3 Steps to an Asthma-Friendly Kitchen

Cooking your meals and even heating your kitchen could be a recipe for disaster.

1. Your Gas Appliances

If you have a gas stove or space heater in your kitchen, these appliances can let off an odorless gas called Nitrogen Dioxide (NO2) that can spark asthma symptoms. Long-term exposure to NO2 can put you at increased risk for experiencing serious respiratory problems including chronic bronchitis.

Further, when NO2 is a problem, it usually isn't isolated to the kitchen area. Studies have found that it can easily spread to other rooms and floors of the house. Your respiratory system may be feeling the effects of this asthma trigger that can also irritate your eyes, nose, and throat.

2. The Act of Cooking

Cooking is a form of combustion and, as such, it releases gas and particles into the air. The smallest ones can irritate your airways and trigger asthma. Cooking on a barbecue grill can also cause problems for asthmatics.

3. Improper Ventilation

It can be bad enough when you have NO2 and other gases in the air from appliances or a freestanding gas or kerosene space heater. When improper ventilation exists in the room, the bad air can get trapped in your kitchen and make things even worse for your respiratory system.

Creating an Asthma-Friendly Kitchen

When it's time to do a kitchen makeover, the experts say your best bet is to invest in an electric stove, since this won't produce NO2 and therefore will be much better for your asthma.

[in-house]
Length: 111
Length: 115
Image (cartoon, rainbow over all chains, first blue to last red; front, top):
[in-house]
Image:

In the meantime, here are some simple things you can do to head off respiratory symptoms:

  • Make sure your gas appliances are properly vented outside. (Check with the manufacturer if you need guidance on what's best for your specific models.)
  • Run an exhaust fan that's vented over your stove to help remove gas and other irritants from the air.
  • Open a window to help remove the bad air in your kitchen.
  • Try a floor fan to help with the process. Just be sure it's positioned strategically.
  • Keep flames on low when cooking.
  • Opt for a pilotless ignition on your gas appliances.
  • Rely on a tabletop electric skillet, a toaster oven, or a microwave to cook many of your meals.
  • Hire an expert to come in and check the safety of all of your fuel-burning appliances once a year.




"Asthma Triggers: Gain Control. Nitrogen Dioxide." U.S. Environmental Protection Agency (EPA). EPA.gov, 8 June 2011. Web. 11 Sept. 2011.

"Nitrogen Dioxide." Aerias: Air Quality Sciences. IAQ Resource Center, n.d. Web. 11 Sept. 2011.